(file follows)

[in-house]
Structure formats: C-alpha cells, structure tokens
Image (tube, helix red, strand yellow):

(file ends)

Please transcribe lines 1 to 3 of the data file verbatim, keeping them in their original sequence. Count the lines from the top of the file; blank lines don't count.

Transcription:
[in-house]
Structure formats: C-alpha cells, structure tokens
Image (tube, helix red, strand yellow):